When the metal oxide-silicates are used as masks, they may be subsequently removed or may be retained as part of the semiconductor device structure. If the silicate used for masking is to be later removed, a glass silicate is ordinarily used as the selective mask. By glass is meant a noncrystalline substance comprised of silica, and also containing other metal oxides, e.g., lead and aluminum. Preferred glasses also have a total of from about 10 to 20 weight percent of boron and titanium oxides. The preferred silicate glasses are those having a thermal expansion which approximates that of silicon, e.g., 30 to 65 x 10- cm./cm./ C., although glasses with higher expansions are used with thinner masks, e.g., less than about 2 microns. The glasses may have softening points at temperatures in the range of from about 350-1000 C. It is usually easier to use a low melting glass, i.e., a glass having a softening point below about 750 C. The glasses having softening points above about 750 C. cannot be used when the wafer has been metallized. For, in creating a smooth coat of the glass, the high temperature will result in the metal, particularly aluminum, combining with the silicon surface. Also, at the higher temperatures, some dopant migration in the underlying silicon may occur, plus dislocations may form at the silicon surface. Therefore, by using a glass having a softening point at a temperature below about 750 C., preferably below about 560 C., the glass can be used with metallized semiconductors and detrimental effects minimized.
The glasses having the low softening points, that is below about 750 C., have for the most part lead oxide in addition to the silica and other oxides normally present in the glass. The amount of lead oxide will generally be in the range from about 50 to 80 weight percent of the composition. These low melting glasses are frequently referred to as solder glasses.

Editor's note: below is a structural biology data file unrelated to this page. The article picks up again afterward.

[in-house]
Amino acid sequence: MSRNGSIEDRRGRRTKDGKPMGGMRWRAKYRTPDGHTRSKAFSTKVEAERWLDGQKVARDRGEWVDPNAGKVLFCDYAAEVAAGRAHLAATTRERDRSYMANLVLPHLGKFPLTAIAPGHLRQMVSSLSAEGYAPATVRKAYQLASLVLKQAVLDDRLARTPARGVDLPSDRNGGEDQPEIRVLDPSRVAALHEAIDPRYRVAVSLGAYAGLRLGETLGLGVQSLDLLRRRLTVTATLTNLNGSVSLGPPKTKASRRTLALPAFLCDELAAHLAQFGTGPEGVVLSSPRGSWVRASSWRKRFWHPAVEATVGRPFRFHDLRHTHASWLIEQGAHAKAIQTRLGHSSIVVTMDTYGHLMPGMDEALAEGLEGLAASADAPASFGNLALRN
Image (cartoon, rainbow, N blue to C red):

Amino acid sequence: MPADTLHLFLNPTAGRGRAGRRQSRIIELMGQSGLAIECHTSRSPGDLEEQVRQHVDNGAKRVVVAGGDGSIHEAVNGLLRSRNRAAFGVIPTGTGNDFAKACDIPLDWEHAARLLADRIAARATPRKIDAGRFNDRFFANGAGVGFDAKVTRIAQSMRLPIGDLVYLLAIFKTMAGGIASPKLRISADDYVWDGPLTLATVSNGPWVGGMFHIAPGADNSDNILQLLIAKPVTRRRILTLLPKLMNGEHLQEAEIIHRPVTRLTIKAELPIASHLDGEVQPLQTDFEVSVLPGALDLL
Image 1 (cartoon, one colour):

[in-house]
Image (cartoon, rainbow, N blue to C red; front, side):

The glass can be conveniently deposited onto the silicon water in the following manner. The silicon wafer is placed in a holder in a horizontal position at the bottom of a centrifuge tube. The wafer is then covered with a layer of a high density organic compound, usually a halohydrocarbon to the extent of 1 or 2 centimeters. Over this layer is placed a layer of 1 or more centimeters of a dispersion of fine glass powder in a lower alkanol dispersant, for example isopropanol. The powder will usually be less than about 5 microns average particle life, more usually about 0.5 to 2 microns. The powder will ordinarily be from about 0.5 to 5 weight percent of the dispersion. The tube containing the wafer and the two layers above the wafer is then placed in a centrifuge, spun at about 2000 Gs, thus depositing the powder in the form of a firmly packed, continuous film on the wafer. The glass is heated to slightly above its softening point forming a pinhole-free smooth glass film.
When the mask is to become a permanent part of the semiconductor structure, generally a naturally occurring aluminum silicate will be used (aluminum oxide-silicon oxide composition). Illustrative materials include mullite, sillimanite, kyanite, and andalusite. These materials are either stable at the temperatures of evaporation or produce a compound stable at those temperatures. These materials are deposited onto the silicon wafers by placing the wafers in a vacuum jar, evacuating the vacuum jar and evaporating the aluminum silicate by electron beam evaporation. The pressure in the vacuum jar will be from 3 about 4 10- to 3X10 torr. The aluminum silicates generally have softening points above about 1000 C.
The metal silicate coating on the wafer surface will generally be of a thickness of from about 1.5 to 20 microns, more usually from about 2 to microns. A minimum thickness is necessary to provide mechanical protection for the wafer surface. On the other hand, too large a thickness is undesirable because it is time consuming, both in its formation and in its removal. Also, too large a thickness may interfere with subsequent steps in the fabrication of the semiconductor device.
The techniques used with silicon dioxide for selectively removing the silicon dioxide when used as a mask can for the most part-except when using a selective etchantbe also applied to the present masks. That is, normal photoresist techniques can be used for selectively removing the silicate mask. Any of the conventional photoresist materials may be used for pattern definition. The etchant varies with the metal-oxide silicate deposited. The glasses may be conveniently removed with various etchants, dilute nitric acid, e.g., 0.1 N, being convenient. The crystalline aluminum silicates, e.g., mullite, may be removed with a chromic acid etch prepared by saturating phosphoric acid with chromic oxide. After the mask has been etched to provide the necessary pattern definition, the wafer may then be anodically oxidized.